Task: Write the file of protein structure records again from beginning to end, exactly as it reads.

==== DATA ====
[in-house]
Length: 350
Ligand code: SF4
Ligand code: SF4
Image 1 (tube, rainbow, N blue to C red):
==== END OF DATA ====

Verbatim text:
[in-house]
Length: 350
Ligand code: SF4
Ligand code: SF4
Image 1 (tube, rainbow, N blue to C red):